top of page
  • Writer's pictureLindsay Alissa King

Why Working from Home Matters and Why I’m Writing about It.

Welcome to Double Fourteen! The name is a legacy from an old blog I had, and the numbers are meaningless. If you want to make up a good story for me, be my guest.

Today I’m re-starting this blog to talk about how working from home has worked for me over the past seven years. COVID-19 has forced millions of people worldwide to abandon their workplaces and quickly adopt remote work technologies and alternate communications software from their kitchen tables.

Because of the strange circumstances, many new work-from-homers find themselves conducting business with roommates, partners, children, and others family members in close proximity.

Unlike folks who have had to learn how to adapt to this brave new world on the fly, I’ve been working from home since 2012, and since early 2019, I’ve been doing so with a baby. On some days of the week I have grandparent support, and other days the baby and I are at home just the two of us. Since mid-March, my husband, baby, and I have all been working from home, and we’re currently social distancing from our other family members to protect our large extended family.

While working from home can be hard – and working from home with a baby is harder – I’m so thankful to have been able to work from home for the past seven years. I believe that my work circumstances have made me a happier, healthier, and more self-motivated person. Working from home isn’t right for everyone: but it’s definitely right for me.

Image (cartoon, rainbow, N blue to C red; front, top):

Before becoming a mom, I knew that I would not been personally fulfilled unless I had a career that was separate from my work as a mom (and foregoing an income was not a financial possibility for me). But after becoming a mom, I found that I wanted to pursue a more unusual strategy for (the mythical) “work-life balance.” Continuing to work from home, without full-time childcare, is the approach that works best for me. While I don’t think that all parents need to or should feel obligated to work from home, I do believe that allowing employees to work from home when possible is a major step toward promoting gender equality, to valuing health and happiness over the bottomline, and to promoting lifestyles that can slow climate change.

Since COVID-19 has rushed many new people into WTF situations, my husband and I have been asked by multiple friends for our advice on working from home, especially with a baby around. I’ll be using this blog to talk about what I’ve learned, what I’m still learning and to advocate for corporate work-from-home policies that are feminist, pro-environment, and pro-happiness.

Finally, not everyone can or wants to work from home. I know that many types of work require physical presence and work-from-home jobs are often a privilege. I also know that plenty of people have no desire to work from home. If that’s the case for you, feel free to close this page and never return!

A homemade standing desk

bottom of page